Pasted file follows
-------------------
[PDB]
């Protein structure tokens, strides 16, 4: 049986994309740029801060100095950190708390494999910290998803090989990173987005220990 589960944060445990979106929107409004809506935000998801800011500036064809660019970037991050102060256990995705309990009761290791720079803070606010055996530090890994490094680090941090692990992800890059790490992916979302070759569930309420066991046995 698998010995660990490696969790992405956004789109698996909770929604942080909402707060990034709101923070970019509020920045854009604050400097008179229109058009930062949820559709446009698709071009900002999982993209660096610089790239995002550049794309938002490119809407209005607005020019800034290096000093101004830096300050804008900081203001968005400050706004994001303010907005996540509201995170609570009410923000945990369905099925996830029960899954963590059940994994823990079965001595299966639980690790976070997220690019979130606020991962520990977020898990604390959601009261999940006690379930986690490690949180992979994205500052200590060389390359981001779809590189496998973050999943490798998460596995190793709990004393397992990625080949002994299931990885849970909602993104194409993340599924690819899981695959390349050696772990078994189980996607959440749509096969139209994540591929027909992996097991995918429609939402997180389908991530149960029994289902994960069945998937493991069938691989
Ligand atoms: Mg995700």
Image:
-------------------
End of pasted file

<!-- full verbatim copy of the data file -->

[PDB]
């Protein structure tokens, strides 16, 4: 049986994309740029801060100095950190708390494999910290998803090989990173987005220990 589960944060445990979106929107409004809506935000998801800011500036064809660019970037991050102060256990995705309990009761290791720079803070606010055996530090890994490094680090941090692990992800890059790490992916979302070759569930309420066991046995 698998010995660990490696969790992405956004789109698996909770929604942080909402707060990034709101923070970019509020920045854009604050400097008179229109058009930062949820559709446009698709071009900002999982993209660096610089790239995002550049794309938002490119809407209005607005020019800034290096000093101004830096300050804008900081203001968005400050706004994001303010907005996540509201995170609570009410923000945990369905099925996830029960899954963590059940994994823990079965001595299966639980690790976070997220690019979130606020991962520990977020898990604390959601009261999940006690379930986690490690949180992979994205500052200590060389390359981001779809590189496998973050999943490798998460596995190793709990004393397992990625080949002994299931990885849970909602993104194409993340599924690819899981695959390349050696772990078994189980996607959440749509096969139209994540591929027909992996097991995918429609939402997180389908991530149960029994289902994960069945998937493991069938691989
Ligand atoms: Mg995700």
Image: